Many creative people who value their freedom might be discouraged from adopting a good decision making model based upon a five step process. Advocating x steps to anything immediately smacks of a process-driven, creativity-barren, bureaucratic black hole for individuality.
Quite the contrary.
Ben Goldacre is a doctor, academic and science writer who advocates evidence-based medical practice in particular, and who has extended the virtues of this approach to areas such as education. In a paper titled Building Evidence into Education Dr Goldacre said (my emphases):
'The opportunity to make informed decisions about what works best, using good quality evidence, represents a truer form of professional independence than any senior figure barking out their opinions. A coherent set of systems for evidence based practice listens to people on the front line, to find out where the uncertainties are, and decide which ideas are worth testing. Lastly, crucially, individual judgement isn’t undermined by evidence: if anything, informed judgement is back in the foreground, and hugely improved.’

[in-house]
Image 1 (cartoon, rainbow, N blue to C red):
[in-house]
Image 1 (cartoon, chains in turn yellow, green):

Creativity, innovation, and professional freedom and the professional and personal learning and growth that follow are all products of a good decision-making process that relies on evidence rather than intuition or positional power.